Like Fight Club, the first rule of Labour First (the voice of Labour “moderates”) is to not talk about Labour First. Or at least it used to be. Pulling up outside the Brandhall Labour Club in Oldbury yesterday morning, conference-goers were treated to banners festooned with the Labour First logo and reminders everywhere about its hashtag. If that wasn’t enough, these days even Corbyn-critical lefts like me get invited. Assembled comrades included national secretary, Luke Akehurst, and parliamentary stalwart, John Spellar, a smattering of MPs and MEPs old and new, about 150 or so attendees, and the recently back-benched Michael Dugher, who was present to give the keynote. Continue reading
On Wednesday, the results of the parliamentary party elections for backbench committees were announced. What they reveal is an organised attempt by a faction of the party to challenge Jeremy Corbyn across the whole range of policies. Debate on policy is of course encouraged and welcome, but what is less welcome is a systematic attempt to undermine the leadership of someone who only a few weeks ago received the biggest ever mandate of any party leader.
All the faction lacks is a name. Now that the era of New Labour has been pronounced dead, and being a Blairite, in the view of Progress, is “tired, dated and redolent of a time that has been and gone“, they certainly need a new description. They cannot, with a straight face, be described as “for the Common Good” – in any case you can read the full details of everything Labour for the Common Good (aka “the Resistance”) talk about here, plus I hear Chukka is actively engaged in Streatham on reinventing himself again (back on the ‘soft left’).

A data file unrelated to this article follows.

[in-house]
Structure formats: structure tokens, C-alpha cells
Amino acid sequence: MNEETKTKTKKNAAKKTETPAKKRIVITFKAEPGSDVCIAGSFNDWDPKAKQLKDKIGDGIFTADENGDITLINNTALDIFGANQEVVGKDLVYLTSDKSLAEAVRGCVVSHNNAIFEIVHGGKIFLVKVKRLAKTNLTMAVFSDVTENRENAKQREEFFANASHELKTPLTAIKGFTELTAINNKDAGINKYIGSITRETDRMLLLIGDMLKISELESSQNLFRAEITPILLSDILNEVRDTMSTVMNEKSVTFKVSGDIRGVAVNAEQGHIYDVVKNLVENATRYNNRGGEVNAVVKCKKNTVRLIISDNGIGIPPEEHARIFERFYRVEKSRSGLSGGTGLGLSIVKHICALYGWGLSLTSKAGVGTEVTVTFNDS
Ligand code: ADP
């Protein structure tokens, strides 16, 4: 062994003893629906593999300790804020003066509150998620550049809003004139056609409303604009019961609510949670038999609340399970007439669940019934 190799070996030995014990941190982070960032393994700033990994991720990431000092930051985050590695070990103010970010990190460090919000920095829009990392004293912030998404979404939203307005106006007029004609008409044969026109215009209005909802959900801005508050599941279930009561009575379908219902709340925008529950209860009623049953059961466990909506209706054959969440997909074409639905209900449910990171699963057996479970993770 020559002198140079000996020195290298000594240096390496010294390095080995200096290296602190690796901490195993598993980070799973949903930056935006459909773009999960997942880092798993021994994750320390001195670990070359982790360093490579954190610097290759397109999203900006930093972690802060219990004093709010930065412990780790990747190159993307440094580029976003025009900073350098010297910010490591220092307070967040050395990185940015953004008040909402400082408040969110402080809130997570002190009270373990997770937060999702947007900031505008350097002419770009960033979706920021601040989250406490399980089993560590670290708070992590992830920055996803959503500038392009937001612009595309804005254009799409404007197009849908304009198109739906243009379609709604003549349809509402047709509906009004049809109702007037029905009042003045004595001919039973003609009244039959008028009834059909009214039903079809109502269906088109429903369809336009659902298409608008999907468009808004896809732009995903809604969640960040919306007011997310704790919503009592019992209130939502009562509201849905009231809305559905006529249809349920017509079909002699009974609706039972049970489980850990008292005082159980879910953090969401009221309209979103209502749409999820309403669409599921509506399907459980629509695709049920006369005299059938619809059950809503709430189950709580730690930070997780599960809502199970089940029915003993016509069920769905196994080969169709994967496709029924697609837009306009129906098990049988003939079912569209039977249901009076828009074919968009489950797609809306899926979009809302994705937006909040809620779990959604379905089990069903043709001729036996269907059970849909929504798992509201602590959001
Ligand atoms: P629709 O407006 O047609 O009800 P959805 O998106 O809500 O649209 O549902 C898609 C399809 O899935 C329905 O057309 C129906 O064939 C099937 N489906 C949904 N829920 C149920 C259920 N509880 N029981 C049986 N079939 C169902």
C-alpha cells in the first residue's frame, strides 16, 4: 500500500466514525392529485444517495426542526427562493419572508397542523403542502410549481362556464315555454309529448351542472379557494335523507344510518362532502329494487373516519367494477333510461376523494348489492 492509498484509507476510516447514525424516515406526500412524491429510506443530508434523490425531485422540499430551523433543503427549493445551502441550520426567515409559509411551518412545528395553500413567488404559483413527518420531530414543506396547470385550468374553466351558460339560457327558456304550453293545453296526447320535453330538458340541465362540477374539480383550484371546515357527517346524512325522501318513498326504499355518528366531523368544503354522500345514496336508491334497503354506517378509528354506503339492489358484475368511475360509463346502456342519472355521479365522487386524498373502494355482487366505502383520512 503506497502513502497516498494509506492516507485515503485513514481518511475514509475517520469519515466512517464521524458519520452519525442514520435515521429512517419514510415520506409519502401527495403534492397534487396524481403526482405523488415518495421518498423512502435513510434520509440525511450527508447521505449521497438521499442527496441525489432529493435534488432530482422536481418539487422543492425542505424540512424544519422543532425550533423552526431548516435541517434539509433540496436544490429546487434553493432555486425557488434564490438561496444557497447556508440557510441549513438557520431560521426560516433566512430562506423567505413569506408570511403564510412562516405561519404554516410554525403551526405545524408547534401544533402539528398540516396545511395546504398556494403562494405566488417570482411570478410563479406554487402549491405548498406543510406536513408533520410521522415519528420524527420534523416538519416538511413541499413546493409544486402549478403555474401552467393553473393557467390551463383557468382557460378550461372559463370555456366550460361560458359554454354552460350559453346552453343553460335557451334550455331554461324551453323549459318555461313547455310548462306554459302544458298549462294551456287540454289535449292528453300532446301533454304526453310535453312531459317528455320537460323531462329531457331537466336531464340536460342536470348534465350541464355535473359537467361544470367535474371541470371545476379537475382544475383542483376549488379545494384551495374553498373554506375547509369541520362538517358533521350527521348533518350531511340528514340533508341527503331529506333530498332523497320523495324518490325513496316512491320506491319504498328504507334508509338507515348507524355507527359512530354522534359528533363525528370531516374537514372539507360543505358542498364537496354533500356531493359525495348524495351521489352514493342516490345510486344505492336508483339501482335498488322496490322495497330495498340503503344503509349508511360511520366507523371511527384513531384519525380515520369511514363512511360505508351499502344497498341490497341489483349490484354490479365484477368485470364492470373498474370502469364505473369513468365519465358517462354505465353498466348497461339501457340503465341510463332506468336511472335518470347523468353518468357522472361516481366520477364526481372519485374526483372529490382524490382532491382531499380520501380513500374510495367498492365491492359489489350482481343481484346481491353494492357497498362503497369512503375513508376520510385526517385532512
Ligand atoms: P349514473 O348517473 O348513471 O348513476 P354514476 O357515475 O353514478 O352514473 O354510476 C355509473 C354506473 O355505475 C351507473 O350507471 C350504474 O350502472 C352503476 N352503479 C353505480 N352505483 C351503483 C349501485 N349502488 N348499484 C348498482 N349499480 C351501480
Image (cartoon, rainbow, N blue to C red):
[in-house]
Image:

The answer is perhaps to call them “the 4.5%”. Eleven out of seventeen new chairs nominated Liz Kendall, and the rest include shadow cabinet refuseniks Caroline Flint (who presumably would have nominated Kendall had she not been standing for the deputy leadership at the time), Chris Leslie, the undisputed leading pro-Austerity advocate, and Shabana Mahmood. Continue reading
Ed Miliband is against factionalism. Succeeding Blair and Brown, he has to be. As has been pointed out, the “paradox of post-factionalism” is that everyone counts heads to make sure he is. And to be fair, he’s even opened the door to some of those whom the Blairites judged unpersons — though he hasn’t shown himself too open to thoughtcrime as yet, at least not beyond those issues he raised in the leadership campaign. And it’s because of his anti-factionalism that the centre-Left is holding back from forming what could be seen as a mirror-image of Progress, even though a prime motivation for wanting to do so is to bolster the Leader’s position in a Shadow Cabinet and PLP that backed his brother. So why on earth, you may ask, has Ed agreed to be the keynote speaker at the Progress annual conference and to writing the foreword to their forthcoming Purple Book (which even some on the Right have criticised)? Continue reading